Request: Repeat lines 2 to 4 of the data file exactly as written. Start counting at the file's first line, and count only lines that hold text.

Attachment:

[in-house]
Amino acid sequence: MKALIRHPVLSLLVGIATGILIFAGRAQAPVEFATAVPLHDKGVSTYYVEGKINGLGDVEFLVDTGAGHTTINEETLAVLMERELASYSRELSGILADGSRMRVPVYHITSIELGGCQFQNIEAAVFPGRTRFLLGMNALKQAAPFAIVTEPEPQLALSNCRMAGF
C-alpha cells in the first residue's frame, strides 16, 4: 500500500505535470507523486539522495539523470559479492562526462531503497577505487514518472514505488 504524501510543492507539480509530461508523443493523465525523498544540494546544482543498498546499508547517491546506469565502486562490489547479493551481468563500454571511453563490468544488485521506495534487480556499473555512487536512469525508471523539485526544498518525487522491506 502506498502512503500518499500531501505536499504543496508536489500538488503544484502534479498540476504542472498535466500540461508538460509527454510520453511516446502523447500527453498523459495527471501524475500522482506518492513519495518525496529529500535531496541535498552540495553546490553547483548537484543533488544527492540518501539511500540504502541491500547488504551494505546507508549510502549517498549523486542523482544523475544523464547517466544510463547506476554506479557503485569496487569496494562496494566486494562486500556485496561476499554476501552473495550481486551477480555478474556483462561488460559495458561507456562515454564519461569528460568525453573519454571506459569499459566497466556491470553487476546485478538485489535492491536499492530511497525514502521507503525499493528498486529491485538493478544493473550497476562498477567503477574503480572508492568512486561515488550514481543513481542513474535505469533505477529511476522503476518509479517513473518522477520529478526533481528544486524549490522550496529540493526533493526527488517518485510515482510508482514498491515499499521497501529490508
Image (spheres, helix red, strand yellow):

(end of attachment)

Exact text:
Amino acid sequence: MKALIRHPVLSLLVGIATGILIFAGRAQAPVEFATAVPLHDKGVSTYYVEGKINGLGDVEFLVDTGAGHTTINEETLAVLMERELASYSRELSGILADGSRMRVPVYHITSIELGGCQFQNIEAAVFPGRTRFLLGMNALKQAAPFAIVTEPEPQLALSNCRMAGF
C-alpha cells in the first residue's frame, strides 16, 4: 500500500505535470507523486539522495539523470559479492562526462531503497577505487514518472514505488 504524501510543492507539480509530461508523443493523465525523498544540494546544482543498498546499508547517491546506469565502486562490489547479493551481468563500454571511453563490468544488485521506495534487480556499473555512487536512469525508471523539485526544498518525487522491506 502506498502512503500518499500531501505536499504543496508536489500538488503544484502534479498540476504542472498535466500540461508538460509527454510520453511516446502523447500527453498523459495527471501524475500522482506518492513519495518525496529529500535531496541535498552540495553546490553547483548537484543533488544527492540518501539511500540504502541491500547488504551494505546507508549510502549517498549523486542523482544523475544523464547517466544510463547506476554506479557503485569496487569496494562496494566486494562486500556485496561476499554476501552473495550481486551477480555478474556483462561488460559495458561507456562515454564519461569528460568525453573519454571506459569499459566497466556491470553487476546485478538485489535492491536499492530511497525514502521507503525499493528498486529491485538493478544493473550497476562498477567503477574503480572508492568512486561515488550514481543513481542513474535505469533505477529511476522503476518509479517513473518522477520529478526533481528544486524549490522550496529540493526533493526527488517518485510515482510508482514498491515499499521497501529490508
Image (spheres, helix red, strand yellow):